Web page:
SOUR GRAPES

Leaving a Bad Taste

Content -3
Quality
None Light Moderate Heavy
Language        
Violence        
Sex        
Nudity        

Release Date: April 17, 1998

Starring: Robert Webber, Craig Bierko, Viola Harris, Karen Sillas, Robyn Peterman, & Matt Keeslar

Genre: Comedy

Audience: Adults

Rating: R

Runtime: 92 minutes

Distributor: Castle Rock Entertainment

Director: Larry David

Executive Producer: Barry Berg

Producer: Laurie Lennard

Writer: Larry David

Address Comments To:

Alan Horn, CEO
Castle Rock Entertainment
335 North Maple Drive, Suite 135
Beverly Hills, CA 90210-3867
(310) 285-2300

Content:

(AbAb, B, LLL, V, SS, N, A, M) Anti-biblical worldview mixed with a biblical message at the end but filled with crude sexual references; 10 obscenities, four profanities & several vulgarities; one fight scene & woman's death played for laughs; implied premarital sex, one scene of nude couple starting to make love under covers & several crude references to sexual acts & body parts; upper male nudity & upper female nudity from behind; and, greed, revenge, murder, trashing private property, & ethnic stereotypes.


Summary:

Larry David, the co-creator of TV's SEINFELD, brings his wickedly ironic Jewish humor to the big screen with the new movie titled SOUR GRAPES. Despite the movie's final warning that money can't buy health and happiness, it offers few biblical standards beyond that. Indeed, it seems to reject biblical standards regarding sexual immorality and gets too much of its humor from crude references to sexual acts and body parts.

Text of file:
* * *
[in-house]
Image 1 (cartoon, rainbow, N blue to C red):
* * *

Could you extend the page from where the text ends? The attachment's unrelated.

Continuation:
Review:

Larry David, the co-creator of TV's SEINFELD, brings his wickedly ironic Jewish humor to the big screen with the new movie titled SOUR GRAPES. Starring Robert Weber, the co-star of TV's WINGS, the movie is a black comedy that illustrates the biblical adage, "the love of money is the root of all kinds of evil." Surrounding that good message, however, is a tale ripe with some sexually immoral situations and crude references to sexual acts and body parts.
Weber plays a brain surgeon named Evan who goes on a weekend trip to Atlantic City with his cousin Richie, played by Craig Bierko, and their respective girlfriends Joan and Roberta, played by Karen Sillas and Robyn Peterman. Evan and Richie have been very close ever since they were children, but Richie is an extremely self-centered man. After losing about $2,300 between them in the East Coast gambling capitol, Evan and Richie are reduced to playing their last quarters at the slot machines. When Richie is about to drop his last quarter in the machine, Evan advises him that he needs to play three quarters to qualify for the big payoff. Evan gives Richie his last two quarters, and of course Richie hits the big payoff for $436,214.50. Richie forgets, however, that Evan loaned him the two quarters and only offers a check to Evan for the money he lost, $1,000. Insulted, Evan gets mad and tears up the check. Evan feels Richie owes him at least half of the winnings. To restore family unity, Richie offers Evan a measly 3 percent. Evan is willing to let it go until he finds out that Richie has given away a birthday present Evan gave him to a homeless person on the street.